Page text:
A report by Boston area doctors is encouraging patients who suspect they may be allergic to penicillin to verify their allergy by getting re-tested.
One in 10 Americans say they have an allergy to penicillin, one of the most effective antibiotics in treating infection. But researchers have discovered that patients who suspect a penicillin allergy aren’t always truly allergic.
“Data has been coming out that when we were testing these patients, they weren't allergic 95 percent of the time," said Dr. Kimberly Blumenthal, a drug allergy researcher at Massachusetts General Hospital and an assistant professor at Harvard Medical School who co-authored the report. "So, there was a big disconnect between all the patients considering themselves allergic and the patients who were truly allergic.”
Blumenthal is one member of a collaborative group of MGH doctors and others who studied the issue by reviewing 10 years of previous studies about allergies to penicillin. In their following report, they found that some people who had previously been told they were allergic to penicillin either never had an allergy or no longer were allergic. Even if someone once had an allergy or negative reaction to penicillin, the researchers found, that allergy can — and often does — subside over time.
As a result of the report's findings, which were published in the Journal of the American Medical Association in January, MGH is expanding their number of on-site allergy testing suites to allow for what they hope will be an increase in the number of patients getting tested. The goal is to have patients who do not truly have a penicillin allergy be able to once again take penicillin, which is often the best line of defense against infections.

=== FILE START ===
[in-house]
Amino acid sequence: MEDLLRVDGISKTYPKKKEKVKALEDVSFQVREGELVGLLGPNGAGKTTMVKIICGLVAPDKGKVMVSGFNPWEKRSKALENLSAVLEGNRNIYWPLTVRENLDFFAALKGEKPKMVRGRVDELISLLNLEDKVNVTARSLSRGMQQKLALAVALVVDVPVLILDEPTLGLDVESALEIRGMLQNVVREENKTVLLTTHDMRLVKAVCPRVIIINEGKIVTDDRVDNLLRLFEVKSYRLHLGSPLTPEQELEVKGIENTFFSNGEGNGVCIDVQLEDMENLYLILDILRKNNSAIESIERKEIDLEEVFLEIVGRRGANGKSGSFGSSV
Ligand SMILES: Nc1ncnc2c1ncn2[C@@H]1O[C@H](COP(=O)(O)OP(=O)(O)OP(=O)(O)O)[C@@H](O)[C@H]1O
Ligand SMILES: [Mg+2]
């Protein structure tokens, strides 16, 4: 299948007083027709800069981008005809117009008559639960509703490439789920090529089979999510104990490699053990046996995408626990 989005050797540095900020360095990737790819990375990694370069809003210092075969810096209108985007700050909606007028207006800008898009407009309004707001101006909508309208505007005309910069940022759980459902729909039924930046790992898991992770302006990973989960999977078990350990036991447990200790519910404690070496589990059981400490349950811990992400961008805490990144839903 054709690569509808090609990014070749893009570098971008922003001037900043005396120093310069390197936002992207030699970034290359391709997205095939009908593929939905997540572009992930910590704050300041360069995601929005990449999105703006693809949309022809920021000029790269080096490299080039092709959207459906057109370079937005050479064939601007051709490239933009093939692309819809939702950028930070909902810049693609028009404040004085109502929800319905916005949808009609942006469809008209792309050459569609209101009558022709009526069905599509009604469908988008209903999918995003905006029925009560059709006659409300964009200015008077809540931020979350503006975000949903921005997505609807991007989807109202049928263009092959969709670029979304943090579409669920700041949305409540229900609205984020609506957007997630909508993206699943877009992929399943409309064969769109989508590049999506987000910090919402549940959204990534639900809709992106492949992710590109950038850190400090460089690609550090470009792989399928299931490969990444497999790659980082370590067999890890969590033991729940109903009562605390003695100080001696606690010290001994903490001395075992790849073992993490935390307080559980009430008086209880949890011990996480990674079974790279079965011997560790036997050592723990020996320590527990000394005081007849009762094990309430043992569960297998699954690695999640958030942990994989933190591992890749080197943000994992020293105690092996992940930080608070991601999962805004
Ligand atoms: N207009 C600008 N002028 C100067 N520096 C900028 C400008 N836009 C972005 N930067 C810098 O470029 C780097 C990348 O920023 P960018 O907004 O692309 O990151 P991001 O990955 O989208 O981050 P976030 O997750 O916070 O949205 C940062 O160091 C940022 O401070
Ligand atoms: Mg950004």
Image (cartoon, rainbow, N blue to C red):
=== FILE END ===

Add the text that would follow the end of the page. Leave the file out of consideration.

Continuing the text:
Elaine Kauffman of Boston is considering a partial knee replacement and her doctor is concerned about infection. The 77-year-old thought she was allergic to penicillin, which is often the first medication doctors and nurses dispense to fight off bacterial infections.
“About 20 years ago,” Kauffman said, ”I had taken penicillin and I went into an anaphylactic shock and had to be rushed to the hospital, and was in the hospital for days.”
Kauffman was told never to take the antibiotic again. But her knee surgeon questions her allergy.
“So, he wanted me to get tested for penicillin because he said [with] penicillin, sometimes the allergy goes away after a number of years," she said. "And he wants to know what he can give me in case I get an infection.”
She eventually worked up the courage to get tested. She underwent both scratch skin testing and an oral dose of penicillin under supervision. Doctors found she no longer had the allergy.
Suspected penicillin allergies are a widespread problem and a potential public health threat, Blumenthal said, because if a patient is unable to take penicillin, that also eliminates their ability to take other related antibiotics, such as amoxicillin and Augmentin.
“We've actually measured the harm that that causes,” Blumenthal said,” because the alternative drugs are often less effective, more toxic, [and] cause side effects.”
Dr. Aleena Baneriji is the training program director of the allergy/immunology fellowship program at MGH. At the hospital's lab, she said, patients can undergo skin and allergy testing under the guidance of nursing care to find out if their allergy is real.
“Within a very short period of an hour to an hour and a half, we’re able to evaluate the patient and safely tell them they’re not allergic to penicillin so they can get optimal treatment,” Banerji said.